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Just remember, it's a transition, not a marathon.
Having someone you trust is a good place to start.
If an idea comes from your brain, and you haven't looked at or compared or copied anyone else's work in order to conceive that idea, then guess what -- that's an original idea. What usually happens though is we get all excited, think the idea is brilliant, and then we Google it like a crazy person and our hearts sink when we see something similar has been done before. But here's the thing: The fact that someone has created this before doesn't mean your idea isn't original.
Easter doesn’t get as much crafty attention as Christmas, which is a shame. After a long winter we could all use a bit of
Anyone in the not-for-profit sector knows that things don't always go according to plan. Sometimes you're scrambling for funding, and other times (if you're fortunate), you have a lot of freedom to implement new programs. If you've missed a milestone, don't fixate on it. Instead, find ways to adapt and realign your strategy.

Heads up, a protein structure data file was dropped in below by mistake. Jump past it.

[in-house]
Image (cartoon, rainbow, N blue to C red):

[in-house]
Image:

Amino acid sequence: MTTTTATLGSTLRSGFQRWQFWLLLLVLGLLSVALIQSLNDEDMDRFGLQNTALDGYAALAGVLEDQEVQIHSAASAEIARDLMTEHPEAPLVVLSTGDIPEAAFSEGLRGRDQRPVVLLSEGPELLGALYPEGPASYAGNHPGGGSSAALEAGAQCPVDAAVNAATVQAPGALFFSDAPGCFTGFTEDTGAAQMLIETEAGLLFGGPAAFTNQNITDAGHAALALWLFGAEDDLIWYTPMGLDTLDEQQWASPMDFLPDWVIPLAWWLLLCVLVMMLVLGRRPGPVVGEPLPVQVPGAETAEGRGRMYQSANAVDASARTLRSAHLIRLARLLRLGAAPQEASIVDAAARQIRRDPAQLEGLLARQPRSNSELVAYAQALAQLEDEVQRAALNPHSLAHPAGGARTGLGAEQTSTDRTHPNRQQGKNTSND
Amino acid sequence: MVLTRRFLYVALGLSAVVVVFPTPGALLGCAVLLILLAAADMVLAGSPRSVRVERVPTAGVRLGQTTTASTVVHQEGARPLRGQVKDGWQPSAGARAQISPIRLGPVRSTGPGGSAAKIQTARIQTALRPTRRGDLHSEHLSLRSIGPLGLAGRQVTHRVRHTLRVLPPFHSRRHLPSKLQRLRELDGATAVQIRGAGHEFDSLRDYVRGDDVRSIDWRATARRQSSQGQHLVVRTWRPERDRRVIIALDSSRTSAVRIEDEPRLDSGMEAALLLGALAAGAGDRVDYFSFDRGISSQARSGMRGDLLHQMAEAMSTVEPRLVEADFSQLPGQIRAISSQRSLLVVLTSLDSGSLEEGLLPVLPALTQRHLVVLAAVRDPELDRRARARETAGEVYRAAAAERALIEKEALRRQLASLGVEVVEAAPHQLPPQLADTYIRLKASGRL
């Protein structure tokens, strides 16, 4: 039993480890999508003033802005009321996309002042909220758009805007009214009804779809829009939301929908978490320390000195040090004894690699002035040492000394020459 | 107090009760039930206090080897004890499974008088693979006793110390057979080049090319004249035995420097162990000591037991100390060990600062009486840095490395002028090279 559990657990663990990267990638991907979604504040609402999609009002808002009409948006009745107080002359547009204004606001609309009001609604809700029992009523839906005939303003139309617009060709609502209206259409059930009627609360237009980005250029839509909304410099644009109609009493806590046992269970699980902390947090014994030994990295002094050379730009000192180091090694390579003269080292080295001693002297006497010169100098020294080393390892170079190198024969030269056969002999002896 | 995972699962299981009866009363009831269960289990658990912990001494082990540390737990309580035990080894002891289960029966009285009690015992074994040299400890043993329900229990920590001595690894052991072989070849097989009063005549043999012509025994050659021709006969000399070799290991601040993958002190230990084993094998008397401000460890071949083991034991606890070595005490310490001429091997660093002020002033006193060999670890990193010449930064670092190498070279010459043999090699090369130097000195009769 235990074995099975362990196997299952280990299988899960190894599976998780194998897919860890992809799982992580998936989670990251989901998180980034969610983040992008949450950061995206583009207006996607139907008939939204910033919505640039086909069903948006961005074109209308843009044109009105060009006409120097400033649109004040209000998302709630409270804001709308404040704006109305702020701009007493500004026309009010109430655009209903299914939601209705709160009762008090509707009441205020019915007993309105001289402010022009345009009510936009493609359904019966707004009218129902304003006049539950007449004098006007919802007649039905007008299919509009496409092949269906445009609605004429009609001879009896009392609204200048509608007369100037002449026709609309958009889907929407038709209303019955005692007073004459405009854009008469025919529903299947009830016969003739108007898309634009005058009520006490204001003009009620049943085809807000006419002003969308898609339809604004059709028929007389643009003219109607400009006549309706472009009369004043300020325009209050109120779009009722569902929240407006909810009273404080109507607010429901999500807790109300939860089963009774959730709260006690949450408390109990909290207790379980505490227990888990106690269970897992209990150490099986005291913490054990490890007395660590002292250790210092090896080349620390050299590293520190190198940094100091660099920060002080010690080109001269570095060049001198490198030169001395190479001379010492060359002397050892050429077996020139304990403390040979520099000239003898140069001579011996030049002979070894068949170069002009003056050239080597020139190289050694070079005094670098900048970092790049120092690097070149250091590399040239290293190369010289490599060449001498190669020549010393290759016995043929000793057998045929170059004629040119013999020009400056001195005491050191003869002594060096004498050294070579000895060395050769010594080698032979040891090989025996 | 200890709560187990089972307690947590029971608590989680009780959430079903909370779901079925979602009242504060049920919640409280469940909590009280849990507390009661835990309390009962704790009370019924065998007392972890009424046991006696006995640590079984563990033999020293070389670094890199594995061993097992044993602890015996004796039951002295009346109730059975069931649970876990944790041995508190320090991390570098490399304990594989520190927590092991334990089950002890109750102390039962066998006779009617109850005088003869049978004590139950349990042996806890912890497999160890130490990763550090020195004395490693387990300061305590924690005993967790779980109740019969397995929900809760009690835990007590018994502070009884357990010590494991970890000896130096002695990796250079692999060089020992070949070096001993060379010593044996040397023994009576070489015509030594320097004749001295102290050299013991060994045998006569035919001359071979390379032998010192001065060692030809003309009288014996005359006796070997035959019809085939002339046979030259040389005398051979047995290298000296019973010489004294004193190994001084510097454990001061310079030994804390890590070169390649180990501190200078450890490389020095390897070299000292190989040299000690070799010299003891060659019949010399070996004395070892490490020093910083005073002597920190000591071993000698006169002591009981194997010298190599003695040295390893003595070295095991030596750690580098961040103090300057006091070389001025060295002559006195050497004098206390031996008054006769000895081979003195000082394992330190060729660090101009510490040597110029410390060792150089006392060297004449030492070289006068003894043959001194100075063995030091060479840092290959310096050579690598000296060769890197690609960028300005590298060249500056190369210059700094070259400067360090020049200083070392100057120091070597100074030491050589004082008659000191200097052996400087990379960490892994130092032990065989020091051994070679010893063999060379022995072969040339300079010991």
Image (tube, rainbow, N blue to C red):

Excerpt from a communication I received after winning Canada's #1 Female Entrepreneur: "I opened my wife's Chatelaine Magazine
Recently, the CBC Radio program Ideas ran a full hour interview with Washington Post columnist and author Anne Applebaum
2012-06-18-ShannonSkinner.jpg It has happened to all of us at some point. You have a great idea, and someone else likes it so much they "borrow" from you -- or outright steal. In the big picture, there is nothing wrong with this. In fact, if we were able to copyright ideas, creativity would be stifled. So what do you do when someone steals your ideas?
Once a week I write a couple of blogs and there are times, to be honest, when I struggle with finding something interesting to say. I suspect I am not alone, so here are some tips for when you are staring at the screen looking for inspiration.